My sisterfriends are shining here on the blog, and I’m feeling compelled to step things up. Thus, I’ve made a list of topics I’d like to cover in today’s blog: Process-Relational Theology/Thealogy, the main point behind the Bible from where I stand now, Water Conservation Month, and lastly, the need for a Wailing Wall.
Before I begin, I’d like you to know that Thursday has been a particularly favorite day of mine for a while. I feel Thursday, unlike other days, is more connected to autumn. I think of Thursday, and in the same moment, I think of autumn, and I like this even though I now identify as a Summertime Person in general.
Okay, first of all, I’m studying Process-Relational Theology/Thealogy for the first time in my life; well, actually, I’m studying it for the first time with this title. I’ve been considering the importance of relationships and dialogue for a goodly amount of my life being an English Literature and Writing fan. I’ve come to the conclusion recently that it’s the relational and conversational experiences that are vital in life. I’m working on being an authentic self, which means speaking MY language instead of complying with another’s and/or denying mine. Then, when the other person speaks their authentic language, we miraculously come to a third language all our own! That’s relationship as I see it! If I only speak his/her language, I’m objectifying myself! If I attempt to control the other person’s language, I’m objectifying him/her, and objectification is my new word for “sin.” Anyways, it’s really nice to have a title or the umbrella of Process-Relational Theology/Thealogy to put this conversation of language under. I’m glad it belongs somewhere.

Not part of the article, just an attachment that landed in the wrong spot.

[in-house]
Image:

Second, I’ve been having conversations about the Bible and Torah a lot lately. I first took a class in the Herstory of Judaic Tradition. The question was asked, “How can a person against oppression and privilege (in questions of sex and gender, that is, a feminist/womanist) even acknowledge the Torah or Bible?” With so much HIStory about power and conquering and rape and war and obvious privileging of the chosen and the men, why do I even bother continuing to dialogue about the Bible? WHY?!!! Aren’t I just validating an oppressive system? I’ve thought for a while that it could be like I’m keeping my enemies close, but recent conversations have inspired me to remember/rethink what I take away from my childhood Sunday school classes, that it might be a story of how unconditional love continues to resurrect itself (like the nature) after being murdered again and again in 5000 years of oppression and privilege! I’m still at odds with the whole Jesus man thing. Even though I like this Sophia Jesus language, it’s not enough.
This brings me to my third point (I’ll come back to Water Conservation Month): We need a wailing wall at the farm and in life. We need a place to throw and release and cry and ….WAIL …because we are the survivors of white/men/rational/exclusive/wealthy/educated/western and, yes, Christian privilege. I understand that this year of intentionality at the farm is going to give us a closer look at inequality and abuse as we advocate for the earth and all people. We need a place to feel anger and sadness and let them go because keeping that anger and sadness hurts us the most. By holding them in, we become, as Laura Riding writes, part of the oppressive muddle from which we are seeking freedom.
This leads me to my last point -- Water Conservation Month at the farm. This month, we are dedicated to only using one bowl and one cup for, at least, this week (in addition to cooking ware). Yesterday, we also sang one of Thich Nhat Hanh’s songs – Yes, I do think Buddhism too is very male/masculine biased – which speaks to the freedom I am cultivating inside and out:
Breathing in, Breathing out. I’m water reflecting what is real, what is true. And, I feel there is space deep inside of me. I am free.
We are a young intentional community of five interns (sisterfriends) living and working on a 10 acre family farm on the Oxnard Plain. Though we come from far and near, our internship grew out of the campus ministry founded by the Episcopal Church at CSU Channel Islands. To learn more about our organic farm and Community Supported Agriculture program, please visit www.jointhefarm.com.